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Author Topic: When is a circle not a circle? When it's 4 arcs!  (Read 8009 times)

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Offline stirling

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Re: When is a circle not a circle? When it's 4 arcs!
« Reply #20 on: April 22, 2014, 06:19:03 AM »
you want your accel as high as possible. However it will be limited both by your motor power and jerk. From what you say it would seem you have rigidity problems if an accel of 1200 is causing wobble.

However, concentrating on the difference between your 4 arcs and a single arc try your accel at 1200 and slow your feed down - 9m/min is pretty fast if you a) have rigidity issues and b) your accel is not so good.

Using a single parallel port you have 5 inputs of which your e-stop should be one. Pin 2 is an output, as are 7 and 8. Look at the bottom of the input/output dialogs - it tells you the valid input and output pins.

accel and decel are the same in Mach.
Re: When is a circle not a circle? When it's 4 arcs!
« Reply #21 on: April 22, 2014, 04:04:59 PM »
Success! I increased the acceleration to 1100 and now have much improved circles. There is still a wee bit of a flat area at one point which is 0.3mm smaller overall. I think I can live with that for the time being, with a bit more testing I will see if it is consistent. Now that I think about it I was getting the wobble when the 90deg corners were being cut in tiny radii so I might be able to increase the acceleration further.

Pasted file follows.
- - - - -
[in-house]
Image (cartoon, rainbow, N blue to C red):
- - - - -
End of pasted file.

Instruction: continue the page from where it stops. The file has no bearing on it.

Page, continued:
Changed the e-stop pin to 11.

There is still a wee stutter in certain places which seems a bit strange. I was cutting large smooth arcs today and at the transition point where the arc is split there is a a slight hesitation and then it carries on. Is it seeing that there is a join in the arc and thinking about it? Is that a characteristic of stepper motors? The look ahead is set to 200 lines as recommended by mach handbook.

I realise that I may be barking up the wrong tree here but would a smooth stepper improve the performance?

Offline stirling

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Re: When is a circle not a circle? When it's 4 arcs!
« Reply #22 on: April 23, 2014, 07:15:40 AM »
Sounds good. So is it now cutting the same for a 4 arc circle as a 1 arc circle?

Is it seeing that there is a join in the arc and thinking about it?